The Padres won’t be caught taking half measures. Before Seidler took control of the franchise, they made their own big contract mistake by signing Eric Hosmer, who just wasn’t a good candidate in the first place. But the Padres weren’t afraid to save, a la the ownership group of the Cincinnati Reds. Instead, they learned from it and turned their attention to younger, more consistent, higher-end types of players who have proven useful as franchise leaders.
It’s getting more expensive, but it could prove to be more profitable in the long run. Since Machado took over at the hot corner, Preller and the staff have added Juan Soto, Xander Bogaerts, Josh Hader, Yu Darvish, Joe Musgrove and Blake Snell. Several of them will play alongside Machado for at least five years. The team also brought up Fernando Tatis Jr. and – despite some, uh, sagas – secured his jaw-dropping talent forever.
Padres fans reacted as expected. Despite the ubiquitous “small media market” label attached to the team, the Padres attract a relatively high percentage of potential viewers, scoring among the top five MLB teams in local ratings in recent seasons. After ranking 18th in MLB in average attendance in 2018. they were third and fifth in the last two seasonsdrawing more than 10,000 more fans per game in 2022 than the last iteration before the Machado Padres.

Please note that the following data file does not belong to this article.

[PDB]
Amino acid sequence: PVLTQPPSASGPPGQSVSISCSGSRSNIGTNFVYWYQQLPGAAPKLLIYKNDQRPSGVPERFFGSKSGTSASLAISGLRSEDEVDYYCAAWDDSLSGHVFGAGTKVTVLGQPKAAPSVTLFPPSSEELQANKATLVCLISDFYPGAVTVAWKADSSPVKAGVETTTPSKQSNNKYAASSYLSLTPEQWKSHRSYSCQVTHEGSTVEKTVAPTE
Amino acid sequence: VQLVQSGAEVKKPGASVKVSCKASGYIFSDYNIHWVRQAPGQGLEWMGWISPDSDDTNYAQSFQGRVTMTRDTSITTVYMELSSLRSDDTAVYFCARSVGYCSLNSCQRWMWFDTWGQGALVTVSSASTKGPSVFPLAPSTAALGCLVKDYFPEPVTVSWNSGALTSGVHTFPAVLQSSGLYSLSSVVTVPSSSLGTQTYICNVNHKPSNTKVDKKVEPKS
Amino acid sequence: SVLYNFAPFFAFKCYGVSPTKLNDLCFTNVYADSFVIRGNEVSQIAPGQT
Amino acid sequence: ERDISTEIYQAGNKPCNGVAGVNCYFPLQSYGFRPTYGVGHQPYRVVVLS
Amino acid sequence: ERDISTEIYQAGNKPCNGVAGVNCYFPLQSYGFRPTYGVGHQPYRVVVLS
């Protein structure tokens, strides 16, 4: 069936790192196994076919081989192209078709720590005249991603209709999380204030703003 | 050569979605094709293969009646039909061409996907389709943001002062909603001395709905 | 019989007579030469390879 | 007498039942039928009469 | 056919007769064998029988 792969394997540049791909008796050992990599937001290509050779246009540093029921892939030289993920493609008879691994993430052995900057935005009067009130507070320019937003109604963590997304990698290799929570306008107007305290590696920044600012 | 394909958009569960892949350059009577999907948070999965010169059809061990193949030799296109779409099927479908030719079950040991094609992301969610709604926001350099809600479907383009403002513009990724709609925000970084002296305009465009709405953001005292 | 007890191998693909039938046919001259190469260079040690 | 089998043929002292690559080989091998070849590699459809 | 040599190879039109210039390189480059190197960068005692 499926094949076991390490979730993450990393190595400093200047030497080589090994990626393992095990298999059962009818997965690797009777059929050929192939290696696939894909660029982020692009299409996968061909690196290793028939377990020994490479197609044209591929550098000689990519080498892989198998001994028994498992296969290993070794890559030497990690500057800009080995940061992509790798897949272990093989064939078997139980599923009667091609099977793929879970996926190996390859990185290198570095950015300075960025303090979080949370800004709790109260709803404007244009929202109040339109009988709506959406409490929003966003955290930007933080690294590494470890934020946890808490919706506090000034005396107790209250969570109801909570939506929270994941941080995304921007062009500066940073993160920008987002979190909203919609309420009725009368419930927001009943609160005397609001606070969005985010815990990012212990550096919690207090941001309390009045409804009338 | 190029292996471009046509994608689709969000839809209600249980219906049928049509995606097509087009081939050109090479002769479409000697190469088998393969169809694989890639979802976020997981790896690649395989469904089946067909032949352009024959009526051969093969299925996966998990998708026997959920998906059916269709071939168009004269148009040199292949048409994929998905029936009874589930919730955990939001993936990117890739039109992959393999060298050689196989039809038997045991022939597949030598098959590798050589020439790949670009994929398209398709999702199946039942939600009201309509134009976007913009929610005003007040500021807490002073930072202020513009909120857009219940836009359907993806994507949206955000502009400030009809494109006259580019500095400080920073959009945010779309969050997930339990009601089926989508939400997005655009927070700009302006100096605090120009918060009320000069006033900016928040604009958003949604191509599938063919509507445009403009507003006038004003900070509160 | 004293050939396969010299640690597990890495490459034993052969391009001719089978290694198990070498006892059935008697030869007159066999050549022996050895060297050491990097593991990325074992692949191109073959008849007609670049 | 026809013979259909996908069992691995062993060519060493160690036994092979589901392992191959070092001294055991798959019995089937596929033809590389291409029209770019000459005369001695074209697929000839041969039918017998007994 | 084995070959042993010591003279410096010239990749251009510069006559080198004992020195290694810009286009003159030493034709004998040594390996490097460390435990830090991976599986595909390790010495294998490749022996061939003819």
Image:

“We plant great fans for life,” Seidler told reporters in October. “And now, from our side, we always had an obligation, and now it is at a higher level. That’s good.”